The random.shuffle() function only works with list values and not string values. This is why we add single-character strings to a list, shuffle it, and combine that list of strings into a single string with the join() string method. Otherwise, passing a string to random.shuffle() results in a TypeError: 'str' object does not support item assignment error message.

Now try to write a solution based on the information in the previous sections. If you still have trouble solving this exercise, read the Solution Template section for additional hints.

Solution Template

Try to first write a solution from scratch. But if you have difficulty, you can use the following partial program as a starting place. Copy the following code from and paste it into your code editor. Replace the underscores with code to make a working program:

# Import the random module for its randint() function.

import ____


# Create string constants that for each type of character:

LOWER_LETTERS = 'abcdefghijklmnopqrstuvwxyz'


NUMBERS = '1234567890'

SPECIAL = '~!@#$%^&*()_+'


# Create a string that has all of these strings combined:

ALL_CHARS = LOWER_LETTERS + ____ + ____ + ____


def generatePassword(length):

    # 12 is the minimum length for passwords:

    if length ____ 12:

        length = ____


    # Create a password variable that starts as an empty list:

    password = []

    # Add a random character from the lowercase, uppercase, digits, and

    # punctuation character strings:

    password.append(LOWER_LETTERS[random.randint(0, 25)])

    password.____(UPPER_LETTERS[random.randint(0, ____)])

    password.____(NUMBERS[random.randint(0, ____)])

    password.____(SPECIAL[random.randint(0, ____)])


    # Keep adding random characters from the combined string until the

    # password meets the length:

    while len(password) < ____:

        password.append(ALL_CHARS[random.randint(____, 74)])


    # Randomly shuffle the password list:



    # Join all the strings in the password list into one string to return:

    return ''.join(____)

The complete solution for this exercise is given in Appendix A and You can view each step of this program as it runs under a debugger at

Further Reading

Most random number generator (RNG) algorithms are pseudorandom: they appear random but are actually predictable. Pseudorandom algorithms have an initial value (often an integer) called a seed, and the same starting seed value produces the same random numbers. For example, you can reset Python’s seed by passing a seed integer to random.seed(). Notice how setting the same seed in the following interactive shell example produces the same sequence of “random” numbers:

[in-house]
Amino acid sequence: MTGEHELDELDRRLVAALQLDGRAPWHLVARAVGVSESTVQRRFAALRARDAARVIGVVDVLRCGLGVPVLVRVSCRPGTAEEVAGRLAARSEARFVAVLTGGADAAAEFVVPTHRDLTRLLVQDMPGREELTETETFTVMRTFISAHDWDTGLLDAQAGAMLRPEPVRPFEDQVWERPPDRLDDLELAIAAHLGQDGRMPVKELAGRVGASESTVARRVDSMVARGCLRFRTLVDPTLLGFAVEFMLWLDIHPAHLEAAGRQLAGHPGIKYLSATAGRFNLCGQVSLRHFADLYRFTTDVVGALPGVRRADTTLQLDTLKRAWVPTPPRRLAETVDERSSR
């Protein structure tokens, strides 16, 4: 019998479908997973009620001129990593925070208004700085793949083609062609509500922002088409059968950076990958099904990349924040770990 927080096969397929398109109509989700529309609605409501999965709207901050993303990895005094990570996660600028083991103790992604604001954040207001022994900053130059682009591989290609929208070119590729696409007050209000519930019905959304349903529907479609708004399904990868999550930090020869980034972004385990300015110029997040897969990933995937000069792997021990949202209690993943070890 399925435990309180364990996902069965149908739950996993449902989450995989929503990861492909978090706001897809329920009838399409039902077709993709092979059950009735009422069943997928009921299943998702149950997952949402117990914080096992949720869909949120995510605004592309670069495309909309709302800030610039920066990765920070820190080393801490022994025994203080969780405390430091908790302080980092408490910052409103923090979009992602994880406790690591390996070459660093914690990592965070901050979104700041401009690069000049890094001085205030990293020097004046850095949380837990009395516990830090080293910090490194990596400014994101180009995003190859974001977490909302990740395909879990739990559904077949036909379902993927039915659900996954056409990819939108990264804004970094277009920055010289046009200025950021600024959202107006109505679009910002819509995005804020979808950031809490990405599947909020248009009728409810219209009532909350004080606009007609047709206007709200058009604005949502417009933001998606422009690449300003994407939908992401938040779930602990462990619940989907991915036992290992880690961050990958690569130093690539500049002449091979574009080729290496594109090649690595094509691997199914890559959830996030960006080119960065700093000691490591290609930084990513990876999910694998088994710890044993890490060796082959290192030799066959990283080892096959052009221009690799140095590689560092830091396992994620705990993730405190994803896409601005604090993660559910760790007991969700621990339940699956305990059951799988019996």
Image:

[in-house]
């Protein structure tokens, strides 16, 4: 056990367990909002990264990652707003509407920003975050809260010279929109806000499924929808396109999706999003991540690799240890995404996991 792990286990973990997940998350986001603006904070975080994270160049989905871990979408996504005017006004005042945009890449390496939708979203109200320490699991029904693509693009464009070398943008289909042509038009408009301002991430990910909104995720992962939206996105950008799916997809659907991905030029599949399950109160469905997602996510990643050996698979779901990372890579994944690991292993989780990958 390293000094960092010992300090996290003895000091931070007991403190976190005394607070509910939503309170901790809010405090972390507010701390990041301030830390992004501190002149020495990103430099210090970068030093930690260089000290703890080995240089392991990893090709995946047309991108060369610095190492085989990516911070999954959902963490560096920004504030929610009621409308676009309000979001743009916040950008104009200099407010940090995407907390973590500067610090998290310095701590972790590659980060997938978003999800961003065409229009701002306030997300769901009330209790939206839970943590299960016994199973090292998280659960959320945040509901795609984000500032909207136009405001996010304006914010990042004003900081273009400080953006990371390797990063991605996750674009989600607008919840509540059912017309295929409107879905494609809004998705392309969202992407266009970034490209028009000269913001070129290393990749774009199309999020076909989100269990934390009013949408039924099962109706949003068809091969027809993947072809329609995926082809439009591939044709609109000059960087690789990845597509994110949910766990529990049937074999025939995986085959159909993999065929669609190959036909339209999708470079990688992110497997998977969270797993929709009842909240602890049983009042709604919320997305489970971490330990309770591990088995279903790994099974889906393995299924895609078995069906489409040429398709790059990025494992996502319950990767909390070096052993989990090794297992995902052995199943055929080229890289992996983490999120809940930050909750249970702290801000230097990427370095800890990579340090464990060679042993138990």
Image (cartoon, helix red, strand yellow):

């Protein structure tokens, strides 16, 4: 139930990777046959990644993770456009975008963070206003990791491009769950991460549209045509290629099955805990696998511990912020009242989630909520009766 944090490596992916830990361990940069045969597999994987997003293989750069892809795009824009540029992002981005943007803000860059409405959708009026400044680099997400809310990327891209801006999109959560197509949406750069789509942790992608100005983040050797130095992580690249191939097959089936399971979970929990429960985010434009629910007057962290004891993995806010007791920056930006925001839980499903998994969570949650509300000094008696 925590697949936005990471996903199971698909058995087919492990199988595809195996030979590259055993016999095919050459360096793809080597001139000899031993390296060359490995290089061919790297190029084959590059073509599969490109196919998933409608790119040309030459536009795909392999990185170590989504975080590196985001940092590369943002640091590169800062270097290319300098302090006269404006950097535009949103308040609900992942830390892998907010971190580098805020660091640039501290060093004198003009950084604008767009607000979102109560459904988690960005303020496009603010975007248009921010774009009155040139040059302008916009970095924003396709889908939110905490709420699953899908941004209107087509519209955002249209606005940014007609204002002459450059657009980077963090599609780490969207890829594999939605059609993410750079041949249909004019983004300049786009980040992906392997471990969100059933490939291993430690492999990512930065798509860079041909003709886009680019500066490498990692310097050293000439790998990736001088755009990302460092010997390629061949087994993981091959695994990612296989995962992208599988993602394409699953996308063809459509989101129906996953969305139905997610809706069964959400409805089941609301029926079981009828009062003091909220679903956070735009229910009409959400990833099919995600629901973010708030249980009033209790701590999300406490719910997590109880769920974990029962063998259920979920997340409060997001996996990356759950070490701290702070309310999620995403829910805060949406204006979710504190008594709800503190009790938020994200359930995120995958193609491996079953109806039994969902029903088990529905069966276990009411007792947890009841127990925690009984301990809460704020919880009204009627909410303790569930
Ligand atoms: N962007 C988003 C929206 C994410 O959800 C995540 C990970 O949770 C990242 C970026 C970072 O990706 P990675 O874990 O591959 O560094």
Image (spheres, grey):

>>> import random

>>> random.seed(42)  # Use any arbitrary integer for the seed.

>>> for i in range(20):

...   print(random.randint(0, 9), end=' ')


1 0 4 3 3 2 1 8 1 9 6 0 0 1 3 3 8 9 0 8

>>> random.seed(42)  # Reset using the same integer seed.

>>> for i in range(20):

...   print(random.randint(0, 9), end=' ')


1 0 4 3 3 2 1 8 1 9 6 0 0 1 3 3 8 9 0 8

Python can also generate truly random, not pseudorandom, numbers based on several sources of systems entropy such as boot time, process IDs, position of the mouse cursor, millisecond timing in between the last several keystrokes, and others. You can look up the official Python documentation for the random.SystemRandom() function at

These theoretical hacks on pseudorandom numbers might concern you if you’re an international spy or a journalist targeted by the intelligence agencies of nation-states, but in general, using this program is fine. Randomly- and pseudorandomly-generated passwords are still better than using a predictable password like “Stanley123”. And many hacks happen because people have keystroke-reading malware on their computers or reuse the same password for multiple accounts. So if the password database of a website you use is hacked, those hackers can then try to identify the users’ accounts on other popular websites and try those same passwords.

A password manager app is the most effective single thing a computer user can have to increase their security. When you need to log into a website, you enter your master password into the password manager app to unlock its encrypted database. Then you can copy the password from the manager to the clipboard. For example, your password could be something like GKfazu8WposcVP!EL8, but logging in with it is just a matter of pressing Ctrl-V to paste it into the website’s login page.

I recommend the free and open-source KeePass app from, but many password manager apps are freely available.